When our daily energy requirements are met by ‘Green Energy’, then we are using resources such as wind, tides or geothermal heat. When ‘Green’, they are all thought to be replenishable and natural. When considering elements such as Wind Power and Windmills, in many cases we are looking back at the history of energy production. This idea is preserved by the use of technology, eco-efficient options and planet friendly alternatives.
It is the use of simple renewable energies such as Solar Thermal and Solar Water Heating Collectors, that suits the home environment. It is equipment such as Photovoltaic Panels (PV’s) that develop electricity through suitable roof-panels. Equally important is that of Biomass Energy – which includes Stoves, Fuel, Pellets and Boilers burning Wood. Then we have the ancient energy of the Sun and the heat that comes from it – now called Ground Source Heat Pumps. Considering items such as Wind Power and Hydro Turbines, we are finally getting to very old forms of energy production.
Solar Thermal Energy – By using different technologies, Solar Energy is effectively made up of two types of solar panels. As a first strategy, we have Solar Water Heating Collectors – which basically creates hot water from solar energy. Added to this is the generation of electricity from solar radiation – known as Photovoltaism, or more commonly Solar Electrical panels. To get the best results these panels need to be south facing at an angle of around 30 degrees from horizontal, and away from blockages.
Within Solar Energy overall, Solar Water Power is most commonly used in the UK. Solar Water heating systems are extremely important – and can provide over half of the hot water needs for houses within the UK. The typical cost for installation ranges from 500-1500 pounds for a DIY system, all the way through to 2-5k for a professional fit.
Biomass Energy and ‘Energy Crops’ – This is a ‘capture all’ phrase which includes all natural materials. e.g. Wood, straw and poultry litter – but nowadays also includes modern ‘Energy Crops’. It’s the ability of this power source to generate diverse forms of energy, such as heat and electricity, that makes this so adaptable. Indeed, within the European Markets, the UK has some of the leading levels of Biomass material at hand. It is the minimal C02 produced, alongside the actual energy production, that makes this attractive to the markets. As each tree felled, it is replaced by another. This helps to reduce the overall effect on C02.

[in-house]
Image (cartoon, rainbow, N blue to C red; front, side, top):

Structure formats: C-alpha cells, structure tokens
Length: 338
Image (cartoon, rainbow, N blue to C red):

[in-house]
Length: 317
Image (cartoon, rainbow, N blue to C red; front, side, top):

To meet the need, fast growing trees, known as Short Rotation Coppice (SRC) are utilised. Of equal importance is the ability to produce dry matter – and perennial grasses are very good for this. Of equal importance, although maybe less well known, are Municipal and Agricultural Waste. Agricultural Waste is commonly formed as a by-product of traditional agricultural work. However, waste derived from food or wood is another biomass entity – called Municipal Waste.
Geo-Thermal Energy Based Systems – Basically this is the warming of the Earth from the Sun – and is often used in the manufacture of warm water and electricity. By using the ground source temperature of approximately 12 degrees, we can either heat or cool buildings within the UK. Heat pumps are recognised as a very good form of power generation, generally giving back four units of energy for every one used. The energy generated by a heat source pump can in fact be considered 100 percent renewable, if the power to operate the pump comes from solar electrical panels or a wind turbine.
Wind Energy Systems: Wind Energy as a sustainable source of energy has been going on for millennia. However, in more recent times there’s been the option to recover the energy for its own sake – and deliver this either to a home unit or to the local power grid. The ability to utilise wind generation is considered to be greatest in the UK. Potentially, we can produce 10 percent of our annual energy needs through wind power, although at present within the UK we still only use 1 percent. Electricity can be produced from as little as 2p per kWh, but generally comes in somewhere between 2-10p per kWh. Recovery of the cost involved is somewhere between 6-9 months.
Finally, we have Hydropower; an area in which the UK does well within Europe. Just like a thousand years ago, we are utilising the energy from water. Interestingly enough, this type of energy production meets around 2 percent of the UK electrical total demand.
Using a turbine, a Hydropower system can transform the energy of water into other forms. The important thing is that, without having to rely on water storage, the turbines can generate electricity. ‘Micro-Hydro’ however, uses the dam and sluice systems that have been made redundant by the larger national distributions. Although a lesser known form of electricity output, this process could supply 200mW of UK demand. Installing systems like this could cost between 200 pounds and 3k per kW of energy created.
The demand on ‘Green Energy’ continues to develop – in light of the energy demands worldwide. The UK is very well placed to provide most of the schemes set out above, and the UK domestic market again is one of the key beneficiaries of this technology.
It is the drive for installations in the domestic sector that looks to favour jobs such as plumbers and electricians. It is the political view of this type of energy generation that results in grants and financial aid becoming ever-more prevalent. It is important to gain the correct qualifications to install these items. You could consider either plumbing or electrical training programs that highlight green installation.